Two companies earning tens of millions of dollars to unearth waste in Iraq (search) rebuilding projects have major business deals with the contractors they're monitoring, a report by congressional Democrats concluded Tuesday.

The report said neither watchdog company, Parsons (search) and CH2m Hill (search), can be "the neutral and independent watchdog needed to provide rigorous oversight over substantial expenditures of taxpayer funds."

The contracts the overseers are supervising are noncompetitive, open-ended arrangements that allow the government to give the reconstruction firms continuing orders for goods and services.

The report studied two contracts: $28.5 million awarded to a joint venture of Parsons, of Pasadena, Calif. and CH2M Hill, of Englewood, Colo. to oversee $1.7 billion in public works and water construction projects; and $43 million awarded to a joint venture of Parsons and Parsons-Brinckerhoff, of New York City, to watch over $1.6 billion in work on power generation, transmission and distribution.

The two Parsons firms are not related.

Congressional Democrats have made the Bush administration's contracting practices in Iraq a major issue in an election year. They have accused the Republicans of giving noncompetitive contracts to favored companies, especially Vice President Dick Cheney's former firm, Halliburton (search).

The attack has been led by the same four lawmakers who issued the new report: Sens. Byron Dorgan of South Dakota and Ron Wyden of Oregon; and Reps. John Dingell of Michigan and Henry Waxman of California.

According to the findings:

—Parsons is the business partner of Fluor Corp. (search), one of the firms it oversees, in a $2.6 billion joint venture to develop oil fields in Kazakhstan. Fluor, headquartered in Aliso Viejo, Calif., announced the venture in a news release in March, 2003.

—CH2M Hill and a company it monitors, Boise, Idaho-based Washington Group International, are collaborating on a $314 million contract for environmental cleanup work in Miamisburg, Ohio. Washington Group International announced its role in the project on December, 2002.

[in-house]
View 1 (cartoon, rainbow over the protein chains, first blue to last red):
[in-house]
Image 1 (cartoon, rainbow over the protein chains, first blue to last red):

—CH2M Hill is the Department of Energy's prime contractor for storing and retrieving 53 million gallons of radioactive and hazardous waste at the Hanford nuclear site in Washington state. Iraq contractor AMEC (search), of London, is a subcontractor on the Hanford project along with Fluor and Washington Group International, according to Internet sites of the Energy Department and the companies.

The report also contended that actions that Parsons takes as an overseer could affect its own Iraq reconstruction projects.

Parsons and Bechtel National Inc. (search), of Frederick, Md. have a $1.8 billion contract to rebuild Iraq's infrastructure, including electricity and water projects. Parsons' decisions as an overseer can affect the work available in those areas for the Parsons-Bechtel partnership, the report said.

The Iraq reconstruction and watchdog projects in question were awarded by the Coalition Provisional Authority (search), the U.S.-run governing body in Iraq.

The decision by CPA to turn monitoring over to private contractors, with conflicts of interest, "casts doubt on the effectiveness of this contract oversight," the report said.

It also found that the overseers' fees increase if the companies they're monitoring perform well, creating a financial incentive for the supervising firms to give reconstruction firms high marks.

The lawmakers said they would offer amendments to defense spending bills that would require the watchdog contracts be terminated, allowing the Pentagon to monitor the contracts.

"The bottom line is that this kind of oversight system cannot work — and that the Pentagon should not abdicate its oversight responsibilities over multibillion dollar contracts," the lawmakers wrote Defense Secretary Donald H. Rumsfeld.